BY AMINU GAMAWA
Like most Nigerians, I was shocked when I received the news of an attempt by a twenty-three year old Nigerian man, Umar Farouk Abdulmutallab, to blow up a transatlantic flight between Amsterdam and the U.S. city of Detroit. The incident, which could have cost hundreds of innocent lives, if not the courageous efforts of passengers onboard who subdued the attempted jet bomber, is a heinous and despicable act of terrorism. The passengers should be commended for their heroism.
The fact that the incident took place on such an important day of Christmas, a global ceremony that celebrates the life of Jesus Christ, someone that has preached peace and tolerance to mankind, makes it all the more unfortunate.
This is the first time that a Nigerian is involved in such a dastardly act. On behalf of my Muslim colleagues and other Nigerians here at Harvard, I strongly condemn this attempted act of terrorism as a heinous and callous crime which does not in any way represent the character of Islam or Nigerian values of peace and harmonious coexistence. I also strongly urge all peace-loving Nigerians and Muslims to join me in condemning this barbarous act.
The Islam we practice teaches and represents peace and tolerance across racial, ethnic and religious divides. It is very unfortunate that at a time when we are all joining hands in fighting extremism that such a shameful act has been attempted on U.S. soil. Terrorism is condemnable wherever it takes place. I call upon everyone, especially our friends and hosts here in the U.S., to see this act as an isolated event by an individual, brainwashed by some terrorist groups that are enemies to all of us. The conduct does not in any way represent a particular religion or nationality.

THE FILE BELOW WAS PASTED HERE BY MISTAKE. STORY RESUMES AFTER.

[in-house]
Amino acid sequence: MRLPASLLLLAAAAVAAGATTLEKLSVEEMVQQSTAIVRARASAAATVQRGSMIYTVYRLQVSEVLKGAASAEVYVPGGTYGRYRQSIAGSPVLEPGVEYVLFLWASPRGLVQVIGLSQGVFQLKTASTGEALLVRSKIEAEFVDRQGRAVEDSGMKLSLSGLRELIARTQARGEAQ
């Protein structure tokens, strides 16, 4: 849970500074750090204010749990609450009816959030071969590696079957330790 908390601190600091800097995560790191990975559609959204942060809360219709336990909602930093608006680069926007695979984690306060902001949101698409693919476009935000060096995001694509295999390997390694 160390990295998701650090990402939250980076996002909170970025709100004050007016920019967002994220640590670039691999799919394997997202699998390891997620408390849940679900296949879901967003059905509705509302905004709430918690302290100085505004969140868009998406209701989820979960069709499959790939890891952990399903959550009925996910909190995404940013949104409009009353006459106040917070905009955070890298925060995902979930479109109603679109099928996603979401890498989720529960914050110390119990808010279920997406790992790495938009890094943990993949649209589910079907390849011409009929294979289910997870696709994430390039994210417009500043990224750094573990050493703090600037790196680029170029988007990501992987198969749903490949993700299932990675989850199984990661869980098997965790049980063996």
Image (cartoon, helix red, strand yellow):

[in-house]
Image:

Opinion expressed across Nigeria and the steps taken by the parents of Farouk Abdulmutallab demonstrates the commitment of Nigerians to fighting terrorism and extremism, both within and beyond Nigeria. We are all involved in ensuring our collective safety and in resisting any attempt to commit violence against innocent citizens in the name of religion.
I hope and pray that this is the last time we will experience such an atrocious plot against innocent people. I would like to call on U.S. security officials not to use this opportunity as an excuse to harass innocent, law-abiding and peace-loving Nigerians, who, like many others, have nothing to do with this act.
I also call upon the Nigerian security to fully cooperate with their U.S. counterparts in the investigation and prosecution of anyone that is involved in this condemnable act. We should all cooperate and support the security in their fight against terrorist wherever they are hiding.
This attempt is a reminder and a wake-up on all nations that the war on terror is not over. It is a continuing struggle between, on the one hand, evil forces that seek to spread violence, and, on the other, peace-loving humanity. We must all work together to defeat anyone who wants to use violence under the guise of religion to pursue political ends.
Nigerian security failed to detect and arrest Umar Farouk Abdulmutallab when he entered Nigeria from Ghana on his way to the U.S., and U.S. security failed to prevent him from entering US despite the repeated warning by his father on his radicalization. These lapses open serious questions that call for a review of security measures in both countries.
Still, once again, the terrorists have been defeated. May they always be defeated.
Aminu Gamawa is an LL.M. student from Nigeria and secretary of the Harvard African Law Association.
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